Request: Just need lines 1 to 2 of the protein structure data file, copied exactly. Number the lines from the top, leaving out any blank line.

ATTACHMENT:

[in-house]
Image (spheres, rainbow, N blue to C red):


[in-house]
Image (spheres, rainbow, N blue to C red):